Jack’s early life left him far more passive than Irving, though,

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Almost 700 pages

into the novel, grown-up Jack’s psychiatrist states baldly what readers already know: that her patient is a cipher. Irving anticipates some “stupid criticism” about writerly failure to create a full-bodied character, but he argues vigorously that Jack’s unknowability is one of the achievements of his novel. “He’s a passive womanizer, a passive character—he never initiates, though he almost never says no—and you don’t know him because he never initiates.” And that is precisely the state of a man whose childhood has been stolen—“not always in one momentous event but often in a series of small robberies, which add up to the same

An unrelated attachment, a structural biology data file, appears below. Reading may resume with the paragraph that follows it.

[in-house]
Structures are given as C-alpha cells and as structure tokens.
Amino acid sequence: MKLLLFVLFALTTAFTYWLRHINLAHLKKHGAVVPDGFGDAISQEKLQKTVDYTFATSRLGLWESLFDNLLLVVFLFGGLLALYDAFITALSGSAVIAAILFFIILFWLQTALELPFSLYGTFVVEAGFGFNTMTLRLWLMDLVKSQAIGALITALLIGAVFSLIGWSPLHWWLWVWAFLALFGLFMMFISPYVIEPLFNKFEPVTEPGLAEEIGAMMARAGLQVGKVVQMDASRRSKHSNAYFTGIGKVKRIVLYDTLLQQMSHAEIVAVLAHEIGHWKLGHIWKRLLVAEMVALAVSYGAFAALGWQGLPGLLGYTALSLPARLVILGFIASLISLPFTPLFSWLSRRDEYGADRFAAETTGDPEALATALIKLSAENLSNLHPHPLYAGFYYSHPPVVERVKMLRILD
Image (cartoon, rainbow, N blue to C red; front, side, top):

loss,” in the novel’s most memorable lines.

Jack’s non-presence is balanced for much of the book by the incandescent Emma, the lifelong friend who starts out as a menacing Grade 6 presence in his kindergarten world. Eight years older, strong and fiery-tempered, Emma moves quickly once she learns what happened to him. Arriving with Jack at the gym where the boy still met his abuser, Emma learns “three illegal wrestling moves in under 10 seconds,” and destroys the woman. “I’ve created an Emma character over and over again in my novels,” says Irving with a rueful smile, “probably because of how much I wished I had an Emma in my life to protect and hold me.”